Many websites in the United States, India, and the UK offer teletherapy services [11], as does a Nigerian website [12]. In India, Reliva offers web-based teletherapy services, including live video with a therapist, with an assessment, diagnosis, and prescriptions when necessary [13]. Users can also view therapy tutorials, find a nearby clinic, and make an appointment for a therapist to visit the home.

In Bangladesh, a patient sees a physiotherapist if a senior doctor suggests it [9]. There are various physiotherapy clinics that patients can visit in Bangladesh [14]; however, there are no online physiotherapy services. Such a service can help patients to save money, travel, and hassles. Seventy percent of the population lives in villages, where physiotherapy service centers are not available [15]. Hence, patients must travel to the city at great expense in terms of money and time. It is also difficult for underprivileged rural people, especially the elderly, to travel to the city. Online physiotherapy service would greatly benefit these people.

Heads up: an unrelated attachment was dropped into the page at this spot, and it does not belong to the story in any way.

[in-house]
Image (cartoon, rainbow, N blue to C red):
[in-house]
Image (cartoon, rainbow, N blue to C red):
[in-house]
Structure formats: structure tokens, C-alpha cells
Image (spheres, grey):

The remainder of the paper is organized as follows: Section 2 discusses materials and methods. Section 3 provides results and analysis. Section 4 provides conclusions and suggests future work.

2  Materials and Methods

2.1 Introduction

Herein, we discuss methods and materials, system architecture, and necessary software.

2.2 Web-Based System